Contributed by Jim Hayes
Pauline Hanson is once again saying she is opposing the government’s company tax cuts, unless there is an agreement to “go after multinationals.”
She says the cut must not apply to companies with more than $50 million in annual turnover.
There is sound reason for setting the bar at this amount. It would allow some relief to small businesses doing it hard in the present environment.
Whether the maverick leader of One Nation will stick to it is anyone’s guess. She does have a propensity to change her mind mid stride. But so long as she sticks to it, she is doing something right.
She says she wants a crack down on multinational tax avoidance and companies that use overseas call centres to be denied the benefit.
There is no doubt that this package will resonate with many Australians.
It will also appeal to One Nation’s membership and base, and is strategically sensible for Hanson. After one more public brawl and Senate defection, the party’s fracturing has gathered pace, and needs something to pull it together to stop the unraveling.
Hanson has also done herself considerable damage by coming across as autocratic and incapable of listening to others. Her latest stance on this issue provides an opportunity to let her look like she is listening.
Regardless of any of this, opposition to Turnbull’s push for the corporate tax cut to 25 percent is right, in terms of fairness and the needs of the economy. Corporate tax dodging is an even bigger issue, because it robs the Australian community of a great deal of capital that could be put to work, to make Australia a better place.
If One Nation continues to hold firm on this, it will mean the government is not likely to get the cut through the Senate. This would be a positive development.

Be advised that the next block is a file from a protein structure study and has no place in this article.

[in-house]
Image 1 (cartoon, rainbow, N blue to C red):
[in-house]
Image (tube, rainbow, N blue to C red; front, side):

But we should not rely on it. The government’s corporate backers are determined to see it through. Immense pressure will be put on One Nation and Pauline Hanson personally, to back down.
And the company tax issue is not a stand-alone matter. It touches the bigger question of whose interests the Australian economy should serve. The trickle-down effect argument is dead and buried. Should the bulk of the benefit go to a handful of billionaires, or to the great majority of the population?
This also brings up the role of government. Should it play an important role in in the allocation of resources and distribution of income?
The priorities should be the creation of jobs and and building an economy that rewards all fairly.
For years now, we have been told that the government must cut back on what it provides, because it does not have the funds. Ensuring that big corporations pay their share can go a long way towards resolving this problem.